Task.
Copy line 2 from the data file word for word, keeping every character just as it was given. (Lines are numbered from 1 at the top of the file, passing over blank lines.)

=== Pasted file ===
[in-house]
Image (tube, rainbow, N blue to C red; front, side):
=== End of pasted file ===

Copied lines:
Image (tube, rainbow, N blue to C red; front, side):